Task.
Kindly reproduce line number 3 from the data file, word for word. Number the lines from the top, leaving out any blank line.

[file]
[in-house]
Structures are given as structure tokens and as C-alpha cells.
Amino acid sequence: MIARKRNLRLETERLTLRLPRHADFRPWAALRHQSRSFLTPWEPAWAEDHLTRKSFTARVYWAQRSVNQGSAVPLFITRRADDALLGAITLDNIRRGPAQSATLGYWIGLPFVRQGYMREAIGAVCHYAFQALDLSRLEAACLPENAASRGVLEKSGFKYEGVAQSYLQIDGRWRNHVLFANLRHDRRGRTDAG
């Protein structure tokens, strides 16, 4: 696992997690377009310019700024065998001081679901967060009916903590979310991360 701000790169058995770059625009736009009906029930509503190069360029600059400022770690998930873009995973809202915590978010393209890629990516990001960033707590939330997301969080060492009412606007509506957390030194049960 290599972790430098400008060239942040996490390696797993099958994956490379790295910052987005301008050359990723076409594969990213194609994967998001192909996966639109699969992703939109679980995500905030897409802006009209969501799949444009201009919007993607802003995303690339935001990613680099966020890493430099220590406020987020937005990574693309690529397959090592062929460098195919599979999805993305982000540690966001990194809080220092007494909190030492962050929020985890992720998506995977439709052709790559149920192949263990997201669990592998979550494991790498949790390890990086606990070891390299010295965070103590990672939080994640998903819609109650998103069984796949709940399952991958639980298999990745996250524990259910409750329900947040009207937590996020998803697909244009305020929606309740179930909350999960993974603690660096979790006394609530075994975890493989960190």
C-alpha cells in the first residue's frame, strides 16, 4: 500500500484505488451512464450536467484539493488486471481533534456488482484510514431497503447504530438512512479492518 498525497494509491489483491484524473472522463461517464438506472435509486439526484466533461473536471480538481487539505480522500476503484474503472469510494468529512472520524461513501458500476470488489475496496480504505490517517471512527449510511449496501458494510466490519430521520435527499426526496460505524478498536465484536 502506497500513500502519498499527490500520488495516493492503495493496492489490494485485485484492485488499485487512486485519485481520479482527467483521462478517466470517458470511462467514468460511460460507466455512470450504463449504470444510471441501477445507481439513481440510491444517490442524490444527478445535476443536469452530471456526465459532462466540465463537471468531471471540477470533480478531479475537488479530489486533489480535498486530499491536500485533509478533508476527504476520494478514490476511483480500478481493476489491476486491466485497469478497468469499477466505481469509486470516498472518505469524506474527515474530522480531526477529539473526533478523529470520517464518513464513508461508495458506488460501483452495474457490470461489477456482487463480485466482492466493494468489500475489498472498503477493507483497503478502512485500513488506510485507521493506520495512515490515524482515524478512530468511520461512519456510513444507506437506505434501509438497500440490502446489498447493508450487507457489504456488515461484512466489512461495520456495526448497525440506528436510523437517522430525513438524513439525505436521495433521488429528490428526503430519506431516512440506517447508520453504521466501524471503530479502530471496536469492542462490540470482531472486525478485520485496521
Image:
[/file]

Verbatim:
Amino acid sequence: MIARKRNLRLETERLTLRLPRHADFRPWAALRHQSRSFLTPWEPAWAEDHLTRKSFTARVYWAQRSVNQGSAVPLFITRRADDALLGAITLDNIRRGPAQSATLGYWIGLPFVRQGYMREAIGAVCHYAFQALDLSRLEAACLPENAASRGVLEKSGFKYEGVAQSYLQIDGRWRNHVLFANLRHDRRGRTDAG